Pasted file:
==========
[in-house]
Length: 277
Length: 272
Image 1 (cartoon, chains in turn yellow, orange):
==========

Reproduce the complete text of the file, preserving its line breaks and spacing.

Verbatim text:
[in-house]
Length: 277
Length: 272
Image 1 (cartoon, chains in turn yellow, orange):